Effective frontline NHS care needs good connections between teams of physiotherapists and other clinicians employed on a permanent basis, says a report by the King’s Fund.
King’s Fund: trusts should be specifying the composition of teams and promoting interdisciplinary collaboration
The document, Organising care at the NHS frontline, was published by the health think tank on 3 May. It says clinical leaders have a key responsibility to connect clinical teams with trust leaders. They must work jointly to develop more effective ways of organising care on hospital wards and clinics.
The report includes contributions from a patient, manager, consultant, student and a nurse. One of these is Matthew Lewis, a consultant in general medicine and gastroenterology at Sandwell and West Birmingham Hospitals NHS Trust.
Ideally, he says, a ward round would bring together the consultant, junior doctors, physiotherapist, senior nurse, pharmacist and others for several hours each week.
But he acknowledges this is difficult to achieve because most wards are not staffed to this level. Also, such a sustained period of coordinated activity would tie staff to the ward round when they could be seeing patients independently.
A valuable learning experience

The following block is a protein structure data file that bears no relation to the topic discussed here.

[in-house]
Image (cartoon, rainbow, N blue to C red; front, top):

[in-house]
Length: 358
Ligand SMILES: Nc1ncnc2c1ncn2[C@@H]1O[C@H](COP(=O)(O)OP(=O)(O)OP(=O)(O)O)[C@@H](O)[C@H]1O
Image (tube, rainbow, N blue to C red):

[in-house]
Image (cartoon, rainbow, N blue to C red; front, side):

Another contributor, medical student Harrison Carter, talks about observing how different members of the team will care, cure and prevent disease and disability in different ways.
‘Some of the most valuable learning I have acquired has been from physiotherapists, nurses, midwives, speech and language and occupational therapists,’ he says.
A first exposure to the multidisciplinary team could come at medical school, he argues.
‘Making this common practice would establish multidisciplinary working for the most junior members of the team once they have qualified,’ says Mr Harrison.
Increases in the numbers of doctors, allied health professionals and other staff in hospitals have helped the NHS meet rising demand, the King’s Fund says. But there are now difficulties in filling vacancies.
It found that the use of agency staff to address workforce shortages has affected team working and continuity of care. Increasing reliance on agency staff and gaps in staff rotas accentuate the difficulties in providing the effective continuity and teamwork on which good care in today’s NHS depends.
It cites an example given by Michael Wise, a specialist in both oral surgery and restorative dentistry, who in 2009 contracted sepsis with near-fatal consequences and contributed to the report as a patient. He describes his experience of agency staff who were not aware of the requirements of a transplant patient.
Offering solutions to these issues, the report advises that trusts could reduce variations in care for acutely ill patients by standardising the organisation of care on hospital wards. This may include specifying the composition of teams and interdisciplinary collaboration.
It calls for trust leaders to support clinical teams and managers by providing the training, resources and time they need to improve care. In addition, they should ‘visibly attend to how care is organised at the frontline and signal that this is an organisational priority’.
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